Please Wait. Searching ...
|Case Number:||Environment & Land Case 181 of 2015|
|Parties:||Joseph Kipkorir Cheruiyot v Josmar Investment Company Limited v Equity Bank (K) Limited & Protus Wanga t/a Timeless Dolphin Auctioneers|
|Date Delivered:||27 Sep 2017|
|Court:||High Court at Eldoret|
|Citation:||Joseph Kipkorir Cheruiyot & another v Equity Bank (K) Limited & another  eKLR|
|Court Division:||Land and Environment|
|Case Outcome:||Application dismissed|
|Disclaimer:||The information contained in the above segment is not part of the judicial opinion delivered by the Court. The metadata has been prepared by Kenya Law as a guide in understanding the subject of the judicial opinion. Kenya Law makes no warranties as to the comprehensiveness or accuracy of the information|
REPUBLIC OF KENYA
IN THE ENVIRONMENT AND LAND COURT OF KENYA AT ELDORET
E & L CASE NO. 181 OF 2015
JOSEPH KIPKORIR CHERUIYOT…………………………………………………………..…1ST PLAINTIFF
JOSMAR INVESTMENT COMPANY LIMITED…………..........……………..……….……….2ND PLAINTIFF
EQUITY BANK (K) LIMITED………………………...………………………………….…….1ST DEFENDANT
PROTUS WANGA T/A TIMELESS DOLPHIN AUCTIONEERS……................……………2ND DEFENDANT
The plaintiffs/applicants have come to court by way of Notice of Motion praying that a temporary injunction be issued restraining the 1st and 2nd defendants jointly and/or severally by themselves or their agents from offering for sale, selling by public auction or private treaty, exercising statutory power of sale or otherwise dealing adversely, transferring, alienating or dealing otherwise or in any manner with the parcels of land comprised in title No. MOSOP/NYARU/252 and ELDORET MUNICIPALITY BLOCK 15/1854 pending the hearing of the suit.
The application is based on grounds that the 1st plaintiff is the registered absolute proprietor of that parcel of land comprised in Title L. R. No. MOSOP/NYARU/252 and that the 1st defendant has clogged the plaintiffs’ equity of redemption by shifting the goal posts every now and then. The said properties are now slated for sale on 1st July, 2015 at Eldoret town. That land reference No. MOSOP/NYARU/252 (measuring approximately 4.2 Ha) and substantially developed and which is the 1st plaintiff’s matrimonial home, is registered in the name of the 1st plaintiff. While the latter one, that is, the land comprised in Title No. ELDORET MUNICIPALITY/BLOCK 15/1854 (undeveloped) belongs to the 1st plaintiff.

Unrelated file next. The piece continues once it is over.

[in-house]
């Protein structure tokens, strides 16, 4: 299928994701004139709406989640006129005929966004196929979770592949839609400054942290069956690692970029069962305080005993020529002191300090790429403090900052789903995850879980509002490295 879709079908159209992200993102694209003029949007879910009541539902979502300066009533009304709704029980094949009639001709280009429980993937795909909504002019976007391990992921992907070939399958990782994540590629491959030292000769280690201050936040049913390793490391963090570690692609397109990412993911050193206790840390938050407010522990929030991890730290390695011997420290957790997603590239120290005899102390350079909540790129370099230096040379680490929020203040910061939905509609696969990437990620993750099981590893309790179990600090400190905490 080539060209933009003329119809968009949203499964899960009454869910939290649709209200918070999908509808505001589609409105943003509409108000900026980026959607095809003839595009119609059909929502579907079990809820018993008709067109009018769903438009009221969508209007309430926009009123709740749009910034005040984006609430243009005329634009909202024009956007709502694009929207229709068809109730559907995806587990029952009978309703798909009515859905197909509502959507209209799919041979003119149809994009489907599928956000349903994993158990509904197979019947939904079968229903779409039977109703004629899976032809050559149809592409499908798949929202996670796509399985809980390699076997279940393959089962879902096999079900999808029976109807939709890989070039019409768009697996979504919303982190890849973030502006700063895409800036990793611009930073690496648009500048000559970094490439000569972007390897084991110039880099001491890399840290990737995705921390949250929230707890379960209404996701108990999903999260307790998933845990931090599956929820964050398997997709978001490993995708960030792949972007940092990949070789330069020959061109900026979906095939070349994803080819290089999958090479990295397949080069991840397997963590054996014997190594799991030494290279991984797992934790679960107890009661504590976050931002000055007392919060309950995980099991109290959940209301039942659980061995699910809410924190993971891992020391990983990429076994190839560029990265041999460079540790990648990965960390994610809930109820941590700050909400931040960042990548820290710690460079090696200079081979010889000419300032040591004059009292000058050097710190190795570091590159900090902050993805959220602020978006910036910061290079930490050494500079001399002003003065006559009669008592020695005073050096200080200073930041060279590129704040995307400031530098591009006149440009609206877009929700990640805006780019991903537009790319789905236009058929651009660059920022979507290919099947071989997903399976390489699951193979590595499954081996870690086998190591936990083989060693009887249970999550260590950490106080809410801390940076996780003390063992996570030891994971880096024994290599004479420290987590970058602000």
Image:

The plaintiff contends that on or about 10th January, 2011, the 1st plaintiff charged the said properties to the 1st defendant as security for a credit facility of Kshs.2,800,000.00 extended to the 2nd plaintiff. The 2nd plaintiff borrowed Kshs.2,400,000.00 against the former property and Kshs.400,000 against the latter property. In the same year (i.e. in 2011), the 1st defendant gave the 2nd plaintiff a loan facility of Kshs.570,000.00. The 2nd plaintiff, a transporter, suffered massive loss due to theft of its customers’ goods and this interfered with its effort to repay the loan. Vide the sale agreement dated 31st May, 2012, the 2nd plaintiff, with the consent of the 1st defendant, disposed of its Trailer No. ZC 1858 in order to offset part of the loan. The said trailer was sold at Kshs.700,000 and the proceeds therefrom were taken by the 1st defendant. Later, the 1st defendant sold the 2nd plaintiff’s prime movers Nos. KAU 770T, KAU 678U and KAR 277S (3 unites). According to the plaintiffs, the estimated total sum of the said prime movers was Kshs.4,500,000. By selling the said lorries, the 1st defendant paralyzed the plaintiffs’ efforts to redeem the said properties. The clogging of the plaintiffs’ equity of redemption then begun in earnest. The plaintiffs, in their quest to see it that their valuable properties are not sold at throw away prices have scouted for buyers with the knowledge and expressed consent of the 1st defendant and have even gotten buyers for the said parcels of land but the 1st defendant has created further hurdles and yet it had given the plaintiffs ago ahead to get the buyers.